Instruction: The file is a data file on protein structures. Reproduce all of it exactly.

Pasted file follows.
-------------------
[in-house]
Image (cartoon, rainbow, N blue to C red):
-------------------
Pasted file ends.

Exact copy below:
[in-house]
Image (cartoon, rainbow, N blue to C red):